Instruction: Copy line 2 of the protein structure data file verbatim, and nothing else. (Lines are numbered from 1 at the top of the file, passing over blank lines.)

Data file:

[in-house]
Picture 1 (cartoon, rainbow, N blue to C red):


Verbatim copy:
Picture 1 (cartoon, rainbow, N blue to C red):